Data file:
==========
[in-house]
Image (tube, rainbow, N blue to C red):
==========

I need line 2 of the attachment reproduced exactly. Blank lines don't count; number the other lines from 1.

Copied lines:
Image (tube, rainbow, N blue to C red):